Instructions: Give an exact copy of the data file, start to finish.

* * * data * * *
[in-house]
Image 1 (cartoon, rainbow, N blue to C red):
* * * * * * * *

[in-house]
Image 1 (cartoon, rainbow, N blue to C red):